Lucky for Blink, they’ve got an alluring narrative on their hands, even if it’s one that’s provided some headaches. Back in March 2015, Alkaline Trio vocalist-guitarist Matt Skiba served as a fill-in for DeLonge when he was unable to play a pair of club shows at Barker’s own Musink Festival. The old trio splintered through a war of words -- DeLonge wanted to commit more time to non-Blink activities, while Hoppus and Barker wanted to move ahead and sound less like U2 and Coldplay. Skiba stuck around, and eventually began writing and recording their seventh studio album. The DeLonge drama in the rearview, there’s a newfound bromance in Camp Blink. And besides, this isn't Blink's first lineup-shift rodeo. Barker replaced original drummer Scott Raynor in 1998, leaving him as little more than a footnote on the legacy of Dude Ranch, en route to superstardom. This time around, will clean slates and positive energy translate to success in the studio?
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Personality clashes aside, DeLonge and Hoppus’ divergent vocal styles always provided an interesting foil on Blink albums. With Tom’s trebly sneer replaced by Skiba’s grainy deadpan, Mark’s limited-range, karaoke-friendly vocals are in danger of fading into the scenery. Fortunately, Skiba has made a career out of sharing lead vox (with Alkaline Trio bassist Dan Andriano) so there’s reason to hope for enticing vocal trade-offs, even within the same songs. And Skiba isn’t a flashy guitarist; in fact, it’s almost maddening how many killer choruses he’s slung over the years with a limited bag of tricks. With him and Hoppus trading hooks, the new Blink recordings could present a bigger stage than ever for Travis Barker’s drumming, and as history suggests, drum he will. DeLonge’s arena-pining riffs are gone, so Barker will have plenty more space for his flashy fills and pummeling beats-per-minute. And don’t forget his 2011 solo album or his production acumen -- and re-listen to “I Miss You” if you’re ready to peg him as a punk drummer.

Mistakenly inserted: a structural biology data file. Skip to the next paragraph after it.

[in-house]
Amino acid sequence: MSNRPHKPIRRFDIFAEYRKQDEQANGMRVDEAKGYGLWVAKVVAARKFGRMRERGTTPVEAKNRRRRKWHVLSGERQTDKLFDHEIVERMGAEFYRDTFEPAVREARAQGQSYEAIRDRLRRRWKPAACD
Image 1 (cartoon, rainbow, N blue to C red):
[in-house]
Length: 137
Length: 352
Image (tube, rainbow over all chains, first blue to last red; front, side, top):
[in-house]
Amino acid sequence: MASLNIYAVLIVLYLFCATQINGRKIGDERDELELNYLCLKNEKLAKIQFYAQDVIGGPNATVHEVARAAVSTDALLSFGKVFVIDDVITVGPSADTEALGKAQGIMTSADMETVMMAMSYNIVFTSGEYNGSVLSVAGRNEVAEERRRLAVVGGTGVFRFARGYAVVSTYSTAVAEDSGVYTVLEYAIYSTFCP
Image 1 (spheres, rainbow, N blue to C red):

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Toss in pop-punk super-producer John Feldmann, and the sum of Blink’s parts could equal a rewarding whole, an album that pushes the band’s narrative out of the gossip pages and back into present-day relevance. Plenty of their contemporaries have followed a similar career arc, reaping the rewards of pop-punk's early 2000s commercial boom, then returning to their core fanbases once the cash cow grazed elsewhere. There’s something to be learned from the blueprints of New Found Glory, Jimmy Eat World and (to an extent) Skiba’s own Alkaline Trio, though Blink doesn’t have to stick to those scripts entirely. With one foot in the glory days and one in the present, they can make it happen. They’ve got next-genners like 5 Seconds of Summer in their corner who, along with that Feldmann connection, can make us wonder if photos like this represent something we’ll hear on the new album. Skiba can breathe new life into their stage presence, both on his new songs and while singing Tom’s part on “All the Small Things.” A successful Blink album in 2016 is different than a successful Blink album in 2002. It’s up to them to take it from there.